Beau Bennett (RW): Bennett made a surprisingly seamless transition to the NHL in 2012-13, putting up three goals and 14 points in 26 contests despite only having played in 39 AHL games. The California native had missed much of the previous campaign with a wrist injury that sapped much of the power from his slap shot. Coach Dan Bylsma said in the offseason that Bennett would see time with Evgeni Malkin and James Neal, but he would also play on the third line. The Penguins coach added that he envisions putting the No. 1 draft pick on the top power-play unit -- something that would further boost his fantasy value. Bennett is Pittsburgh's top offensive prospect and probably has more untapped talent than any of the team's top-nine forwards.
Simon Despres (D): Despres continues to slowly gain coach Dan Bylsma's trust, seeing action in 33 games last year after playing 18 times in 2011-12. Bylsma has yet to award the first-round draft pick with consistent shifts, however -- he averaged just over 15 minutes of action (15:06 TOI) when he did play. That could change in the coming season. Despres moves the puck well with above average vision and has an offensive flair. He compiled just seven points (2G, 5A) in 33 games with Pittsburgh, but the upside is there. He's worth a look as an end-game pick.
Two to Watch
Brian Dumoulin (D): Acquired from Carolina in the draft-day Jordan Staal trade of 2012, Dumoulin was thought to be more of a defensive-defenseman when the Pens picked him up. After making his AHL debut for the Baby Pens, however, there's a chance he could contribute offensively someday in the NHL. In 2012-13, Dumoulin scored 23 points (6G, 17A) in 73 regular-season games and then added two goals and eight points in 15 postseason contests. Because his defensive skills are so advanced, he rates highly on the list of Pittsburgh's blue line prospects ready to make an NHL impact. His perceived upside at the offensive end of the rink isn't as high as Derrick Pouliot or Simon Despres, but he could make his debut for the Pens as soon as in 2013-14.
Jussi Jokinen (C): Jokinen burst onto Pittsburgh's scene in a big way last year after the team traded for him from Carolina. The forward passed through waivers only weeks before the deal because of a $3 million salary with two seasons left on it. He potted seven goals and 11 points in the final 10 games of the regular season, picking up his game at center while Sidney Crosby recovered from a broken jaw. Unfortunately, he cooled off after the hot start. He tallied three assists in eight games and battled through a knee injury in the postseason. On a healthy Penguins squad, Jokinen is little more than a complementary player. Of course, injuries seem to follow Crosby and Evgeni Malkin around -- something that would crack the door of opportunity for Jokinen.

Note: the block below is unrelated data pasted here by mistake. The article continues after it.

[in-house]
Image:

Chris Kunitz (LW): Kunitz eclipsed the point-per-game mark for the first time in 2012-13, netting 22 goals and 52 points in 48 contests. He also contributed with 16 power-play points (9G, 7A) and finished second among top-50 scorers with 104 hits. A late-season slowdown -- 13 points in his final 20 contests -- is a warning to fantasy owners not to overvalue him on draft day, however. Kunitz will likely skate with Sidney Crosby and Pascal Dupuis once again, giving him plenty of value as a multi-category player. That said, expecting more than 60 points out of the 34-year-old would probably be a mistake.
Derrick Pouliot (D): Pouliot will get his first taste of pro action in 2013-14. He averaged just over a point per game with the WHL Portland Winterhawks (45 points in 44 games), scoring at a higher rate than teammate Seth Jones (56 points in 61 games). Pouliot is all about offense and projects as a big-time fantasy player in Pittsburgh. Taken seventh overall in the 2012 draft, the left-handed shooting blueliner will be a force to be reckoned with in the coming seasons. He'll likely hone his skills with the Baby Penguins in 2013-14 with a shot at making the NHL team as soon as 2014-15.
Olli Maatta (D): Maatta, a first-round pick in 2012, has exceeded expectations at the OHL level. Known mostly as a defensive defenseman, Maatta has posted strong offensive numbers in his two seasons with the London Knights. He scored 32 points (5G, 27A) in 58 games in his first year and 38 points (8G, 30A) in 58 contests last season. Maatta has played well in the postseason and, despite some defensive areas that still need work, appears on the fast track to Pittsburgh. He doesn't have the offensive potential of fellow first-round pick, Derrick Pouliot, yet it wouldn't be surprising to see him become a better two-way player.
Anton Zlobin (F): Zlobin has rocketed up the Pens' prospect list with an impressive showing in the QMJHL. The 20-year-old Russian native compiled 91 points (29G, 62A) in 61 games for Val d'Or. Provided Zlobin continues to progress in 2013-14, it wouldn't be surprising to see him in training camp in another year. Pittsburgh has little in the way of offensive prospects and Zlobin could be line for a fast track to the NHL. The 2012 sixth-round draft pick could turn out to be a pleasant surprise for the Penguins and fantasy owners, alike.